An Iraq war veteran says he was turned away from a Six Flags in New Jersey because he says he was told his shirt was "offensive."
Fox News: "It's a shirt supporting the Marines and on it there's a red, white and blue rifle with the words 'keep calm and return fire.' A worker there said it would offend people."
The vet says he was stopped by a security guard at the front gate.
News 12 New Jersey, which highlighted the story on its front page, spoke with 33-year-old Mario Alejandro. He's served two tours in Iraq.
"I thought it was a joke when the guy said 'hey you can't come into this park."
Alejandro said he was told to either buy a new shirt in the gift shop or to leave the park.
Six Flags does have a dress code. On the Frequently Asked Questions portion of its website, it says: "Clothing with rude, vulgar or offensive language or graphics is not permitted at any time."
Alejandro's shirt didn't have any curse words on it, but it does feature a graphic of a rifle. This could have been why it was seen as violating the offensive graphics portion of the dress code.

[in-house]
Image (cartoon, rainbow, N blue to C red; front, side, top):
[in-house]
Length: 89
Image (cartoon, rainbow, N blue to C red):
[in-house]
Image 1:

On the back of the shirt, it's made clear it's for military benefit, as it has a link to the Reconnaissance Foundation, whose mission is: "to provide immediate assistance and ongoing support to the Marine Reconnaissance Community and its veterans."
Although Six Flags did not directly address the issue, a spokeswoman sent NJ.com an email saying:
"the incident was 'under review." She added that Six Flags is "extremely proud of its longstanding relationship with the U.S. military."
But was Six Flags in the wrong? Quite a few seem to think so, writing that it was unacceptable, saying they'd no longer visit the park and calling people whiners.
Alejandro wants an apology, telling NJ.com he laid in a hole for 36 hours straight and had friends die serving his country, yet can't wear a patriotic shirt to an amusement park.
Support the Troops
The US Marines
Six Flags Tickets
Visit Universal Studios
More to see:
Ukraine: Some Russian military vehicles destroyed
Prosecutor: Amish girls found safe spoke to police
127 victims identified from Ukraine plane disaster